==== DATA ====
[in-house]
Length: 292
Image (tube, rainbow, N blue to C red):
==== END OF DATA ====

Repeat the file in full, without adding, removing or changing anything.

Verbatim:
[in-house]
Length: 292
Image (tube, rainbow, N blue to C red):